“Do not overrate what you have received, nor envy others. He who envies others does not obtain peace of mind.”
As all good writers do, I was eavesdropping the other day and it has also coincided with my philosophical muse (this time in the form of Buddha;). The conversation happened upon someone’s success and its outward measurement by someone else. This is somewhat of a contorted topic for most of us as we have been taught that success is measurable and is measurable in materials; thus we tend to envy those around us for having more whether it be a bigger house, a better paying job, a family, etc. We see success as tangible and outward, a goal that is constantly sought but not necessarily always found. Perhaps, then, we must venture inward, a journey into ourselves and become the hero/heroine in our struggle for that success-something that I would equate to inner peace.
Writing for me is not just an escape but an outward expression of who I am, who I wish I could be, how I see others, my inner most dreams and fears, etc. I believe this to be true for many writers, but as I lack the evidence, I will not put the label on them. In this outward expression, I have pondered often times what the villains and antagonists in my stories (as well as those I read) represent. In my quest to write a story, I have focused on making the villains realistic, someone you might encounter in everyday life. To that extent, I have taken all the qualities that I despise and even some that I think are okay but others may not like and put them into antagonist form. This seems to breakdown reality into a more simplistic troupe wherein good will triumph over the evil–the ultimate victory.
Amongst those dark, dank and dusty tunnels between the letters you’ll find reality behind the written mask. In that aspect, I truly believe writers and avid readers are better equipped to understand reality and to better seek their own success, or peace. We are less likely to label our own success based on others because we’ve seen through our different adventures, through millions of different characters’ eyes that success…it simply cannot be measured. It will never be a trophy to be held. Whether you stand against an army of rabid orcs or stand alone in the midst of a collapsing world, your success will not be something you can grasp. Instead, you will feel something within, something that stirs inside of you because against all odds you took a stand, you made yourself heard and you know, had you not, you would have lost the game.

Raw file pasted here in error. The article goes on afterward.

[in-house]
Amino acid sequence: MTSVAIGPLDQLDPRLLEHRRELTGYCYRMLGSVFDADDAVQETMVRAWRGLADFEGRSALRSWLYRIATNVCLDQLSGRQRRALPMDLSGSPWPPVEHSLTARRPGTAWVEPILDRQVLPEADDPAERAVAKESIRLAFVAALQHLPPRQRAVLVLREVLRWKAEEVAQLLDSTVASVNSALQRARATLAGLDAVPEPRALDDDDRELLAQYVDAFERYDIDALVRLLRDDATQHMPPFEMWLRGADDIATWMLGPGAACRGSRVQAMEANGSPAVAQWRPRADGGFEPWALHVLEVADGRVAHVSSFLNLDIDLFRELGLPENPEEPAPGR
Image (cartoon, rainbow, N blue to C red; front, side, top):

Unlike a story, however, reality cannot simply end and perhaps you feel that you’re nothing like that hero/heroine you have read. That is where the discrepancy lies. Once that struggle is over, once that valiant victory is won, it won’t simply be a happy ending. Instead, we must treat our life like it is a series of stories, each with its own ending, each that, when finished, delivers you inner peace because you, the hero/heroine, took the less traveled path and, though treacherous, have seen the world for what it is. You may think you don’t possess the bravery, the perseverance or the knowledge to venture forth and you would be misguided by the most unexpected antagonist of any story: dependence. Never rely on someone or someone else’s opinion or expectations. It will only lead you astray from your own adventure and you will soon find that your success will gradually fall out of your reach. Whatever path you may choose, you won’t need a measuring stick to get where you are going, after all when “you step onto the road, and if you don’t keep your feet, there’s no knowing where you might be swept off to.”*
*Lord of the Rings, The Fellowship of the Ring. J.R.R Tolkien